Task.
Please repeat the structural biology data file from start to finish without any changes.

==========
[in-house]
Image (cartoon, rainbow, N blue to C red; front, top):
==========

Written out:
[in-house]
Image (cartoon, rainbow, N blue to C red; front, top):